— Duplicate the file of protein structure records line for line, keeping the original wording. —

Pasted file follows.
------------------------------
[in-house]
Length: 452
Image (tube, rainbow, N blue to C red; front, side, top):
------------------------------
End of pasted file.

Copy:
[in-house]
Length: 452
Image (tube, rainbow, N blue to C red; front, side, top):